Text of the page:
Sometimes it’s hard to remember that Frida Kahlo didn’t live all that long ago. She’s become lionized as a painter, feminist, communist, Mexican icon, as a person living with a disability in a time when that wasn’t something to be spoken of. She was fierce and boundary defying.
The show “Frida by Ishiuchi Miyako” opened this month in London, documenting Kahlo’s own possessions in a stark and intimate series of photographs. The story goes that Diego Rivera locked away Frida’s belongings in a room in their home after her death with instructions that they not be disturbed until 15 years after his death. The room was finally opened up 2004, and these photos are some of the public’s first glimpses at these fragments of Frida’s life.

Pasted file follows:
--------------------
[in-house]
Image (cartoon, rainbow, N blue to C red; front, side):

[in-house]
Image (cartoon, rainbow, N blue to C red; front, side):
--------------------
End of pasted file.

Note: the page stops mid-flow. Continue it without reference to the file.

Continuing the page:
While her clothing are undeniably fascinating, it was a photo of two bottles of Revlon nail polish that struck me the most– they look nearly identical to bottles I own, smudged and half-empty. It’s a reminder that while the Frida Kahlo we tend to think of today has become something of a symbol, she was a very real woman first.